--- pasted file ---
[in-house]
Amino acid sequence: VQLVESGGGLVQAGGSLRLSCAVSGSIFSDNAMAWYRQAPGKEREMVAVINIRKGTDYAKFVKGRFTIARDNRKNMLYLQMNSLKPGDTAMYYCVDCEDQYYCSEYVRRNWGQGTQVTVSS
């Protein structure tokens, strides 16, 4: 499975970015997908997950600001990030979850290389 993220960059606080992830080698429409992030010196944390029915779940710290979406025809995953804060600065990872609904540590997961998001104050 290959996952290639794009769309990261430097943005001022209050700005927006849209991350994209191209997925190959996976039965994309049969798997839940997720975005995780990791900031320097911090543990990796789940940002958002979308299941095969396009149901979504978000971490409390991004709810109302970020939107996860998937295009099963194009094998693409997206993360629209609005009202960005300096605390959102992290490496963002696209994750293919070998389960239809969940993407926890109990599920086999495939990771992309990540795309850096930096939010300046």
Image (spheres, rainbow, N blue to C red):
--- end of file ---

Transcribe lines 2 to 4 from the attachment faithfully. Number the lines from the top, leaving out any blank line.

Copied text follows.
Amino acid sequence: VQLVESGGGLVQAGGSLRLSCAVSGSIFSDNAMAWYRQAPGKEREMVAVINIRKGTDYAKFVKGRFTIARDNRKNMLYLQMNSLKPGDTAMYYCVDCEDQYYCSEYVRRNWGQGTQVTVSS
């Protein structure tokens, strides 16, 4: 499975970015997908997950600001990030979850290389 993220960059606080992830080698429409992030010196944390029915779940710290979406025809995953804060600065990872609904540590997961998001104050 290959996952290639794009769309990261430097943005001022209050700005927006849209991350994209191209997925190959996976039965994309049969798997839940997720975005995780990791900031320097911090543990990796789940940002958002979308299941095969396009149901979504978000971490409390991004709810109302970020939107996860998937295009099963194009094998693409997206993360629209609005009202960005300096605390959102992290490496963002696209994750293919070998389960239809969940993407926890109990599920086999495939990771992309990540795309850096930096939010300046």
Image (spheres, rainbow, N blue to C red):